By Janice Morse
The Cincinnati Enquirer
HAMILTON - Prosecutors had seemingly unassailable evidence against homicide suspect Tonda Lynn Ansley.
At least eight eyewitnesses, Ansley's written confession and the gun police retrieved from Ansley's waistband after Miami University Professor Sherry Lee Corbett was shot dead on a sunny Saturday afternoon.
That's why it was so difficult for prosecutors to hear a judge pronounce Ansley, 37, was "not guilty by reason of insanity" Tuesday, even though they know Ohio law gave a judge no choice after three independent mental evaluations found Ansley fit the legal definition of insane.
"It just doesn't seem right to even hear the words, 'not guilty' when you know the defendant committed the act which took another person's life," said Butler County Prosecutor Robin Piper. "The relatives of the victim and the loved ones of the victim should not have to hear the words, 'not guilty,' even though it's by reason of insanity."
Piper, Hamilton County Prosecutor Mike Allen and some crime victims say cases such as Ansley's highlight deficiencies in Ohio's criminal insanity law. They'd like to see a state lawmaker step forward and push through a "guilty but insane" law.
But defense lawyers argue the current law adequately protects the public while recognizing that the criminally insane are unable to control their actions or comprehend their wrongfulness.
Across the nation, attempts to use an insanity defense are rare and seldom succeed. But the cases generate a lot of media attention, making them seem more common than they are, said Rita J. Simon, professor of law and public affairs at American University in Washington, D.C.
"Every time a jury or a court finds somebody not guilty by reason of insanity, the public is not happy," she said, recalling the outcry over a jury finding John W. Hinckley Jr. not guilty by reason of insanity in the 1981 attempt to assassinate President Reagan.
"They assume the person is 'getting off,' but most of the time, the person spends many years or the rest of his life in mental institutions."
But Piper points to the case of Raymond Tanner of Fairfield. He was released from a mental institution about seven years after being found not guilty by reason of insanity in the 1990 decapitation slaying of his wife, Maria.
Now Tanner is asking to discontinue his monthly visits with a psychologist - something the victim's mother, Shirley Cleaver, strenuously opposes. A hearing is set for August.
Cleaver, 56, remains a vocal advocate for a "guilty but insane" law in Ohio. A number of states with this type of law carry a mandatory, specified period for an insane defendant to remain institutionalized, or at least monitored.
What if someone is "cured" in a short period of time, and "What happens if they stop taking their medication, while nobody's monitoring them?" Piper asked.
In Ohio, insanity defendants "don't just get released," said Melynda Cook-Reich, Ansley's court-appointed lawyer. They are freed under conditions that the judge imposes, she said.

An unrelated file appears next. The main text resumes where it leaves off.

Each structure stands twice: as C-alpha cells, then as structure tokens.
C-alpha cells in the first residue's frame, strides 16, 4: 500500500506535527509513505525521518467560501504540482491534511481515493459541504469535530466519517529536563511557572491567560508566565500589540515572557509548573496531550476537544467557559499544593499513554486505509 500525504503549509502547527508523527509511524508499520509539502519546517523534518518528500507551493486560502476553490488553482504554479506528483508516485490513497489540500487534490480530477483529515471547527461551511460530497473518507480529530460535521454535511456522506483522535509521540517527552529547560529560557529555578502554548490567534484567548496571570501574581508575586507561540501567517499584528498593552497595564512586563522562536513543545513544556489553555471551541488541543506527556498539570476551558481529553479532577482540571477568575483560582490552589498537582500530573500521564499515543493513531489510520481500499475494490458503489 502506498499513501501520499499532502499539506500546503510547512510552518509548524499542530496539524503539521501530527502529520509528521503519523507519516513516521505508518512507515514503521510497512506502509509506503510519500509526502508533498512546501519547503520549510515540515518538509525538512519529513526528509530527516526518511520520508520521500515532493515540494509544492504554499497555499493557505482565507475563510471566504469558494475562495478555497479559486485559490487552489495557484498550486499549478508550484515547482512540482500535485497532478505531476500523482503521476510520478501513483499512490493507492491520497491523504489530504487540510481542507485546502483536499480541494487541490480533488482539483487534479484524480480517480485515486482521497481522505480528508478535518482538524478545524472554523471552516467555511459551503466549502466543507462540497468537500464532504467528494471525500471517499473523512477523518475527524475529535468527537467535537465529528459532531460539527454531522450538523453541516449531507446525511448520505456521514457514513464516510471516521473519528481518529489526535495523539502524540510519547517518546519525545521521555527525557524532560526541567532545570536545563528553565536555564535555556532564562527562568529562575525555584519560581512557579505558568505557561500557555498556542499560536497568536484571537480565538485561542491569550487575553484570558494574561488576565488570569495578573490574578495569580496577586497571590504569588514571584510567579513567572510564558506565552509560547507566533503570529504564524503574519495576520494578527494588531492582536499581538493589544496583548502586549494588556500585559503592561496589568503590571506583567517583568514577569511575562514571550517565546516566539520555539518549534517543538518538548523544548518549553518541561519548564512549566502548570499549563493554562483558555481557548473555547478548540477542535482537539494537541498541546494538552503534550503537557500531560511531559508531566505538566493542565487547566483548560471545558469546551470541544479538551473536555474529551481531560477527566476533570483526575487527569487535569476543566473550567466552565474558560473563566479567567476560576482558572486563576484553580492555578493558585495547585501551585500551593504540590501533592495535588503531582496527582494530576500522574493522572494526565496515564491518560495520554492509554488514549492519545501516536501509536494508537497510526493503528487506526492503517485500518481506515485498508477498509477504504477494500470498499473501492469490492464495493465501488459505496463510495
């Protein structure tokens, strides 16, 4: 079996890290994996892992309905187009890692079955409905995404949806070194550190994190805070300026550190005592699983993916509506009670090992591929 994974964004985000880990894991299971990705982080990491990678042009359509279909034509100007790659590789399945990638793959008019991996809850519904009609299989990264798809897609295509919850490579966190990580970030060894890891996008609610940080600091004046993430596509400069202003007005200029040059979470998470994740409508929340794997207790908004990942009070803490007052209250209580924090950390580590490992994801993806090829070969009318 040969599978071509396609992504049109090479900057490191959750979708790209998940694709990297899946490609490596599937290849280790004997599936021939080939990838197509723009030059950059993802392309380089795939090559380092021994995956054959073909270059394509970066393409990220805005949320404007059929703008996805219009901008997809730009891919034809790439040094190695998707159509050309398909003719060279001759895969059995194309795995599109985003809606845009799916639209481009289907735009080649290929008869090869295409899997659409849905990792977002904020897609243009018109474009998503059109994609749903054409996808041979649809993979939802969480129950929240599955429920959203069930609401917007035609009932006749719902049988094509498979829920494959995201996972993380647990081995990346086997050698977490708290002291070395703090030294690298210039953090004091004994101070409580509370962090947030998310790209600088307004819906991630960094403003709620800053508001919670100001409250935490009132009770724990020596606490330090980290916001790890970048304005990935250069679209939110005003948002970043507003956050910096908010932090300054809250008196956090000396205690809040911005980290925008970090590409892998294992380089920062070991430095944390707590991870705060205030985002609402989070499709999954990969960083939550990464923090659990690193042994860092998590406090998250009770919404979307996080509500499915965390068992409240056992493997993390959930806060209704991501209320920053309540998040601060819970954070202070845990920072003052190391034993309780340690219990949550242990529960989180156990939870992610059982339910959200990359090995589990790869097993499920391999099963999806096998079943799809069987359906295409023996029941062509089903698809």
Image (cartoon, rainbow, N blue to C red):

Besides, Cook-Reich said, at specified intervals, the law requires a court review of the case, and "at every review, it gives the court complete authority to decide what level a person with (an insanity verdict) should be placed at, with the main preference being given to protecting public safety."
Cleaver isn't satisfied that the current law protects the public enough. She thought the mental evaluations in Tanner's case reached the wrong conclusion.
"They said he was insane for four minutes. He lost his cool; he lost his temper. And if that makes him insane, then I've been insane a lot of times," Cleaver said.
Some changes in Ohio law were made since the Tanner case, but Cleaver thinks they fell short, she said in a telephone interview Friday from her home near Xenia.
"I feel cheated," Cleaver said. "He doesn't even have a criminal record because he is 'not guilty.' If he commits another murder, it's just as if this murder never occurred. If he did not commit a murder, then where is Maria? Because she is most certainly dead."
Cleaver said if there is a renewed effort to change the law, "I'll be right up there saying, 'Let's do it; let's go for it.'"
Martin Pinales, a Cincinnati lawyer and an officeholder with the National Association of Criminal Defense Lawyers, is against making insanity laws more stringent.
He cites a fundamental principle of American law: "The law always has taken into account punishment for those people that knowingly and willingly violate the law - and our whole American judicial system is based on that. And when someone doesn't have the capacity to knowingly and willingly violate the law, then the court should look at treatment rather than punishment."
He opposes specifying how long a person should remain under supervision or locked up.
"The object is to protect society, and if they're out of the mental state that caused the problem, then society is protected," he said.
"The bottom line, when you go state to state is: Does the person appreciate the legal activity ... and does the person have the ability to refrain from the illegal activity?"
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